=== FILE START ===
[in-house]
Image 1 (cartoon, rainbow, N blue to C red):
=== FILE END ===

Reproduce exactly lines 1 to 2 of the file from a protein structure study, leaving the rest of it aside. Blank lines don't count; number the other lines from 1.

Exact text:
[in-house]
Image 1 (cartoon, rainbow, N blue to C red):